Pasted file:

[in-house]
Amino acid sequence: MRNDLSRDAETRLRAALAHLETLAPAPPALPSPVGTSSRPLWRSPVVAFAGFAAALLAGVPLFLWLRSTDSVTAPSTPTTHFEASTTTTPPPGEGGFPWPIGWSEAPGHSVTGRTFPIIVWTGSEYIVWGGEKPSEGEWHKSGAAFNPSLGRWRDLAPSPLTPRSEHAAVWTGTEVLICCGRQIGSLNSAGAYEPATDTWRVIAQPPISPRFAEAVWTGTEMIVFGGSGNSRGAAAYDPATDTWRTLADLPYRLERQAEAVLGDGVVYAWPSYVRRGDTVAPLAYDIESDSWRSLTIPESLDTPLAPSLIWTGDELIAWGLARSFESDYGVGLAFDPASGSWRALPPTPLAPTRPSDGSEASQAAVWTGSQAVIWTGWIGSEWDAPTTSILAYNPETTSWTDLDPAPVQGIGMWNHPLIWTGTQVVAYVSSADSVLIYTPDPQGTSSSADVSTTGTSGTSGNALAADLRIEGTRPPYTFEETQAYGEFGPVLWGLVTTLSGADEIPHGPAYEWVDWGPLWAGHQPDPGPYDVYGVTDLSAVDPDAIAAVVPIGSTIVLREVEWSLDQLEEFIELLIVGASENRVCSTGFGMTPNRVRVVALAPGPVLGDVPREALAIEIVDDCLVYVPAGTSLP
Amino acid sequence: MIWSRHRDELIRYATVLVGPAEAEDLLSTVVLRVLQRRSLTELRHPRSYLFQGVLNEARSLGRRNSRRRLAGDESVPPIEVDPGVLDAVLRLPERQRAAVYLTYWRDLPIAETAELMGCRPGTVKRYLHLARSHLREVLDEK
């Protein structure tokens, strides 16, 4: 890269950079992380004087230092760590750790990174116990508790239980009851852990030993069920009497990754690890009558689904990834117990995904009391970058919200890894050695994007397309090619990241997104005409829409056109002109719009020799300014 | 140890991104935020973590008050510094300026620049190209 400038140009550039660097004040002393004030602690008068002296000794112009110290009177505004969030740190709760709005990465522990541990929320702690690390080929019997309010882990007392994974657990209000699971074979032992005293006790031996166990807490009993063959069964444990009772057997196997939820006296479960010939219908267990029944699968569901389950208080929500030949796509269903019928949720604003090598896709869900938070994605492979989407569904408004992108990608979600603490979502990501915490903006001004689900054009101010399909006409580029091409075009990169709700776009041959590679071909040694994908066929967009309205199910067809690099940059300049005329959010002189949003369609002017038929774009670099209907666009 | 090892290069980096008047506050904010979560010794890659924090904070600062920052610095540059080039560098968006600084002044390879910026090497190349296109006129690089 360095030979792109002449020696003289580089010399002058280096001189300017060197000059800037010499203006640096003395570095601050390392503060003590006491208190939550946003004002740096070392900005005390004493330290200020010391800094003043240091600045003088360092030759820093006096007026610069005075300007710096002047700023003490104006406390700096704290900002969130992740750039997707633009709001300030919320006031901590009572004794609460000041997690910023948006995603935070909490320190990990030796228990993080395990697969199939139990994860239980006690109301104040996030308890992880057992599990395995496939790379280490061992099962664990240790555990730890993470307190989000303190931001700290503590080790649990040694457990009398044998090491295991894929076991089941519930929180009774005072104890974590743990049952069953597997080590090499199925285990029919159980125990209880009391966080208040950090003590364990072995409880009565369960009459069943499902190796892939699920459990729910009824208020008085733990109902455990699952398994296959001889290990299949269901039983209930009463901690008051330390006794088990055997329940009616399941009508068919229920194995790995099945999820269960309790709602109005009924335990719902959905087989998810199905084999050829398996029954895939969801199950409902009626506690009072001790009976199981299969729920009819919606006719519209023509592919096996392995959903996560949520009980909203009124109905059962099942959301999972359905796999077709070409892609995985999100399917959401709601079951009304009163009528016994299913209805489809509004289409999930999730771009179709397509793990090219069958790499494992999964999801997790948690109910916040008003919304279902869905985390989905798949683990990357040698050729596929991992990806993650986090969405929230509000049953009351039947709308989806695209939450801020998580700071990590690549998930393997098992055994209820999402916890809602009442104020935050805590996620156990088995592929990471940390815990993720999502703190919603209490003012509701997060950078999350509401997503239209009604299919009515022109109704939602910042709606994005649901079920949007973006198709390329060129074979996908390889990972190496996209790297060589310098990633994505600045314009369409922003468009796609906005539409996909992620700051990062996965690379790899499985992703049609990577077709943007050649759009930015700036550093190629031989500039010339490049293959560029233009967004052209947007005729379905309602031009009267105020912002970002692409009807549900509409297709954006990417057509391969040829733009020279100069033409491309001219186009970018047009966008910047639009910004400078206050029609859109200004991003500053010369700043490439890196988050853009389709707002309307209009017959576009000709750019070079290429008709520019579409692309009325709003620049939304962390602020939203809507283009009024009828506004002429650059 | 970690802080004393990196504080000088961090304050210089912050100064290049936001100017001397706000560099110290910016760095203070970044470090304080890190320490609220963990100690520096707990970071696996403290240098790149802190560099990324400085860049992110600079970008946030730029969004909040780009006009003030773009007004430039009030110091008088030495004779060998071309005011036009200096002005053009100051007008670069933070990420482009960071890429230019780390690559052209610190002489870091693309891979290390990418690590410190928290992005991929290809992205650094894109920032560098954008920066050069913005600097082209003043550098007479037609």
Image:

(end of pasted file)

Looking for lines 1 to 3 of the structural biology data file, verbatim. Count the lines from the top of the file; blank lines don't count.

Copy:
[in-house]
Amino acid sequence: MRNDLSRDAETRLRAALAHLETLAPAPPALPSPVGTSSRPLWRSPVVAFAGFAAALLAGVPLFLWLRSTDSVTAPSTPTTHFEASTTTTPPPGEGGFPWPIGWSEAPGHSVTGRTFPIIVWTGSEYIVWGGEKPSEGEWHKSGAAFNPSLGRWRDLAPSPLTPRSEHAAVWTGTEVLICCGRQIGSLNSAGAYEPATDTWRVIAQPPISPRFAEAVWTGTEMIVFGGSGNSRGAAAYDPATDTWRTLADLPYRLERQAEAVLGDGVVYAWPSYVRRGDTVAPLAYDIESDSWRSLTIPESLDTPLAPSLIWTGDELIAWGLARSFESDYGVGLAFDPASGSWRALPPTPLAPTRPSDGSEASQAAVWTGSQAVIWTGWIGSEWDAPTTSILAYNPETTSWTDLDPAPVQGIGMWNHPLIWTGTQVVAYVSSADSVLIYTPDPQGTSSSADVSTTGTSGTSGNALAADLRIEGTRPPYTFEETQAYGEFGPVLWGLVTTLSGADEIPHGPAYEWVDWGPLWAGHQPDPGPYDVYGVTDLSAVDPDAIAAVVPIGSTIVLREVEWSLDQLEEFIELLIVGASENRVCSTGFGMTPNRVRVVALAPGPVLGDVPREALAIEIVDDCLVYVPAGTSLP
Amino acid sequence: MIWSRHRDELIRYATVLVGPAEAEDLLSTVVLRVLQRRSLTELRHPRSYLFQGVLNEARSLGRRNSRRRLAGDESVPPIEVDPGVLDAVLRLPERQRAAVYLTYWRDLPIAETAELMGCRPGTVKRYLHLARSHLREVLDEK